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A brief guide to the remains of Timbuktu

EXCLUSIVE IMAGES A still from a video taken on on July 1, 2012 shows the destroyed entrance of the "Cemetry of three Saints" destroyed by Islamist militants in Timbuktu. (AFP PHOTO)

Here is a look at Timbuktu and a brief guide to what remains of the city:

OVERVIEW

- Ansar Dine, which experts say has links to local Al-Qaeda factions, has gained the upper hand over its former rebel allies, the secular MNLA group, after the two routed government forces and seized control of Mali’s desert north in April.

- Timbuktu has been a UNESCO World Heritage Site since 1988, but tourism has suffered from years of security problems with gunmen seizing three foreigners and killing a fourth on a street in Timbuktu last November.

TIMBUKTU – HERITAGE SITE

- The World Heritage Site comprises 16 cemeteries – eight of which have now been destroyed – and mausoleums. They were deemed essential elements in a religious system as, according to popular belief, they constitute a rampart that shields the city from all misfortune.

- The most ancient mausoleum is that of Sheikh Abul Kassim Attouaty, who died in 1529. Other famous graves include those of the scholar Sidi Mahmoudou and of Qadi al-Aqfb, restorer of mosques.

BUILDINGS

- In the 15th and 16th centuries Timbuktu was an intellectual and spiritual capital and a center for the propagation of Islam throughout Africa. Its three great mosques – Djingareyber, Sankore and Sidi Yahia – date from that period. Although regularly restored, they are under threat from desertification too.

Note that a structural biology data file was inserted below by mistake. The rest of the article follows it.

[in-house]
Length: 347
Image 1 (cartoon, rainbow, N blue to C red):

- The Mosque of Djingareyber was built in 1325. Between 1570 and 1583 the Qadi of Timbuktu, Imam al-Aqib, had it reconstructed and enlarged. The central minaret dominates the town and is its most visible landmark. A smaller minaret on the eastern facade completes the profile of the mosque.

- Like Djingareyber, the Mosque of Sankore, built during the Mandingue period, was restored by the Imam al-Aqib between 1578 and 1582. The Mosque of Sidi Yahya, south of Sankore, is believed to have been built around 1400. The mosque door was smashed by Ansar Dine fighters Monday.

MANUSCRIPTS

- Timbuktu’s manuscripts offer an unparalleled window into societies and intellectual traditions from the late 15th century onward, but for decades they have been largely inaccessible.

- This vast legacy is on the verge of being lost due to brittleness, termites, insects and the weather, as well as illegal sale, mostly to foreigners.

- Many manuscripts are written in local vernaculars, while others are in archaic forms of the present-day languages of Songhai, Tamasheq and Fulfulde. The Timbuktu foundation says there are about 700,000 documents. Some record complex genealogies and scientific theories.

- During the last 200 years, most of the manuscripts have been concealed, often buried or hidden to safeguard them from colonial agents, lawlessness and political instability. Today, the manuscripts are mostly in the hands of local libraries and private owners. But since April, they have been increasingly hidden away for safety.

ORIGINS OF THE CITY

- Mali is named after an ancient empire which grew rich from trans-Saharan trade through the city of Timbuktu. The historically important city,founded in 1100 by Tuareg nomads, was once the richest in the region and was seen as a trading post on the trans-Saharan caravan route. Timbuktu was captured by the French in 1894 and in 1960 it became part of the newly independent Republic of Mali.

 
A version of this article appeared in the print edition of The Daily Star on July 03, 2012, on page 10.

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